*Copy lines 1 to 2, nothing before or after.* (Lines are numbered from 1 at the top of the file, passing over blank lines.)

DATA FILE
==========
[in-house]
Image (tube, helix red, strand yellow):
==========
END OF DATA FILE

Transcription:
[in-house]
Image (tube, helix red, strand yellow):